Saturday, December 26, 2015

Exploring the Experience of Chronic Pain among Female Survival Sex Workers

The prevalence of self-identified chronic pain in Canadian adults is approximately one in five people. Marginalization and addictions have been shown to complicate chronic pain in vulnerable populations. This study aimed to understand the experience of chronic pain among female Survival Sex Workers in Vancouver's downtown eastside (DTES).

This study used an exploratory qualitative analysis with in-depth, semi-structured interviews. Members of PACE Society who self-identified as a current or former Survival Sex Worker and who had a chronic pain experience known to PACE support workers were invited to participate. Interviews were conducted, audio recorded and transcribed. The investigators met to read the transcripts and discuss emerging themes. The process continued until no new themes were observed.

Participants ranged in age from 42 to 56 years old and all self- identified as females and Survival Sex Workers. Eleven of thirteen interviews were analyzed for themes. Drug use for pain management, both prescribed and illicit, was the most important theme. Poverty, the need to continue working and the lack of stable housing were barriers to adequately addressing the source of chronic pain. Participants felt judged for living in the downtown eastside, being a drug user and/or being Aboriginal and only two participants had been referred to a pain specialist. All participants were involved in support networks made up of other Sex Workers and all spoke of a sense of community and survival.

Our study emphasizes the complex nature of chronic pain and addictions among a uniquely marginalized population. The study is unique in that it contributes the perspectives of a traditionally "hard-to-reach" population and demonstrates that Sex Workers should not only participate in but should lead development and implementation of research and programs for managing chronic pain in the setting of addiction.

Women described multiple systemic barriers in managing their chronic pain including judgment and poverty. The most common theme was that of judgment in the form of stigma. They felt judged for being from a certain area,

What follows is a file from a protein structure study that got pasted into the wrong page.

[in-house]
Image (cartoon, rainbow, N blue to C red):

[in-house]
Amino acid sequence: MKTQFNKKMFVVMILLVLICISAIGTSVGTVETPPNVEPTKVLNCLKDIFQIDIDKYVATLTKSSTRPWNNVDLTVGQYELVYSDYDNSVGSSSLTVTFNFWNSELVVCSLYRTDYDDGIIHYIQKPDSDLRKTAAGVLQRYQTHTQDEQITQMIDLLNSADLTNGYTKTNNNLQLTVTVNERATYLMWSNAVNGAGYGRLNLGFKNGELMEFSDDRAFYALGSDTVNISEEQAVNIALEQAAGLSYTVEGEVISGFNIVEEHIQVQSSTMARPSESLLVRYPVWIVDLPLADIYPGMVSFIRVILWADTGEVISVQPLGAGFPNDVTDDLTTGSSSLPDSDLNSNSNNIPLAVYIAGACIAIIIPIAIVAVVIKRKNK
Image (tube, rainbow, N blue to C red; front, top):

You know, people think they’re all scum down here, but you know what, that’s - they didn’t start here. You know, this is just a place they ended up... And some of them don’t know how to get out of it.(Participant 2)

First Nations women felt discriminated against for having a certain ethnic background. Others felt labeled for having a substance dependence. “Like once you’re labeled as an addict, like, in – in so many physicians’ eyes, that’s all you are and that’s all you’re out to get” (Participant 10).

Other common themes that emerged under the topic of barriers were those associated with poverty and the effect of low-income and inadequate housing on managing a chronic condition. Income came primarily from sex work and was largely supplement by disability, welfare and pension payments when unable to work. Prescribed lifestyle changes and therapies for chronic pain were described as inaccessible or unaffordable. One woman recalled, “I should be going to physio but I can’t afford it. You’re only allowed so many a year and then you have to pay the user fee. Who’s gonna pay that?” (Participant 12) while others cited acupuncture and massage as being inaccessible due to the cost.

Women expressed frustration over the cost of prescription medications, especially those that were not covered or those who’s coverage was delayed.

You have to pay 200 dollars for fucking medications. It’s not covered by medical or status. 200 bucks. You can take your fuckin’ meds and shove it up your ass, you’re going to tell me that it’s not covered(Participant 3)

Housing conditions that were affordable were often inadequate. One woman described, “fleas in the carpet, mice in the stove, um, cockroaches in the bathroom. Oh it was a horrible place, and I got stuck staying there for 2 years” (Participant 2).

Women expressed frustration accessing the emergency department as a resource for pain due to stigma as well as frustration with building a relationship with a physician knowing their histories as both a Sex Worker and an addict. One participant felt so rejected that it was easier for her to reject herself, saying,

I don’t wanna go back through not being listened to again, do you know what I mean there, right?... If you can reject it first before somebody rejects you, it’s easier to shut it down. It’s that wall you put up, right? (Participant 4)

Full article at:

PACE Society, British Columbia, Vancouver, Canada
Department of Emergency Medicine, Cumming School of Medicine, University of Calgary, Calgary, Canada
Department of Family Practice, University of British Columbia, Vancouver, Canada
Stephanie VandenBerg, Email: moc.liamg@einahpets.grebnednav.

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